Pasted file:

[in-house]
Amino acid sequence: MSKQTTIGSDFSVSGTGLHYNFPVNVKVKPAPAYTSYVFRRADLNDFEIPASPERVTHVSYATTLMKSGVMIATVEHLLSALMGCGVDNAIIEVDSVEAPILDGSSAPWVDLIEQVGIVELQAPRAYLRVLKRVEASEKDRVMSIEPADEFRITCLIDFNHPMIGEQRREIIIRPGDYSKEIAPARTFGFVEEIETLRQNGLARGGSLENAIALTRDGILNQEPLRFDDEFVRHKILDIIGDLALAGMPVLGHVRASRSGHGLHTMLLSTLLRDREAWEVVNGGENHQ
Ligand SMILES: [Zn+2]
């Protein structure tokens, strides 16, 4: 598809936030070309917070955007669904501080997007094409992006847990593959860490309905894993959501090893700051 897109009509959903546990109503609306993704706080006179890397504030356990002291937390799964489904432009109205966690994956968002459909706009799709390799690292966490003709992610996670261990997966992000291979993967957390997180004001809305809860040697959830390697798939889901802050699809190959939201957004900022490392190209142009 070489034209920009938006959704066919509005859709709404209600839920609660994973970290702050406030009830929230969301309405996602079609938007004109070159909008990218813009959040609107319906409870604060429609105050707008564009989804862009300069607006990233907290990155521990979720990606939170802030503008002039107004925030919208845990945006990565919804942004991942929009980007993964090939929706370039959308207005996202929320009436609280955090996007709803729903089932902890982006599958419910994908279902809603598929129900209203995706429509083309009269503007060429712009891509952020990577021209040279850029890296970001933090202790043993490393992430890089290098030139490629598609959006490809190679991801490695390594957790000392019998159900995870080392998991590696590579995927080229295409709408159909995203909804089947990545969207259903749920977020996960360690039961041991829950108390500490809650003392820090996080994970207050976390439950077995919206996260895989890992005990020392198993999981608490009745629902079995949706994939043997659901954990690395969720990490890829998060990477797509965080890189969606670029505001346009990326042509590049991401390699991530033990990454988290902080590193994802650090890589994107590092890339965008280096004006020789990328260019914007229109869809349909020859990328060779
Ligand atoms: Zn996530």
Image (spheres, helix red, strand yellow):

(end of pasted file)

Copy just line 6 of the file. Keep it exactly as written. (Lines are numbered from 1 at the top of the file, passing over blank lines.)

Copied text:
Image (spheres, helix red, strand yellow):